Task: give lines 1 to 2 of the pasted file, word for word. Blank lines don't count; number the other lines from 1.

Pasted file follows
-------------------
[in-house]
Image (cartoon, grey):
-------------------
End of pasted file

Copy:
[in-house]
Image (cartoon, grey):